Tuesday, July 8, 2014

Freezing Fresh Tomatoes

Freezing Tomatoes

Canning tomatoes is my preferred way of preserving them, but when time and tomatoes are limited, freezing is the way to go for me.

Also, everyone doesn't have a canner, everyone doesn't prefer canning, and just like to put everything in the freezer.

Whatever the reason, here’s a quick guide to freezing your fresh tomatoes.

Wash tomatoes and remove stems.

Heat a large stockpot full of water to boiling.


When water is boiling, carefully place tomatoes in water.

You can keep the heat on or turn it off, it really doesn’t matter. What you’re doing is causing the inside of the tomato to soften, which pulls it away from the skin. The skin should begin to split. This is when they’re ready to remove from the water. This could happen in 30 seconds or take a bit longer.

Have a dishpan or your sink filled with ice water. This is simply to cool the tomatoes enough for you to handle with your hands without burning yourself.

I take a slotted spoon and just lift each one out as they begin to split.  Truthfully, sometimes the skins refuse to split; you can just take them out anyway. I’ll show you how to take care of that a few sentences down.

After the tomatoes are cool enough to handle, remove from cold water into a large bowl or other container. If the skins have split, just start at a split place and start removing. If they refused to cooperate,  just take the tip of a sharp knife and gently pierce the skin at the bottom of the tomato.

You never want to peel from the top; it makes it much harder to remove the skin.  Always start from the bottom if possible, then just pull the skin up toward the top and if necessary, cut the top part off with your knife.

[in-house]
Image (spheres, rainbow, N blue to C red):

Discard the skins, cores and other bad parts(if you have chickens, they’ll be happy with this as a treat.)

You’ll have a great big bowl of peeled tomatoes and juice at this point. Add salt at this point if desired.

I put mine up in quart bags; you may want to use pints. Whichever size you use, get the appropriate jar to measure your tomatoes and juice with.

Label your bags with contents and date. There’s no picture, because I forgot to label mine. I’ll have to wait until they’re frozen and then label them.

Using a canning funnel and a cup to dip with, fill your jar with a good mixture of tomatoes and juice.

Remove the funnel and turn your freezer bag upside down over the mouth of the jar.

Flip it all over and let the tomatoes fill the bag.

Close the bag almost all the way, leaving enough opening to gently remove all the air possible  as you finish closing the bag.

You're done! Place in freezer to freeze and use when needed!

Blessings from Patti’s Place to your place!


  1. Thank you! It sounds easy enough! I'll let you know how it goes.

  2. Oh, it's very easy! Keep me posted.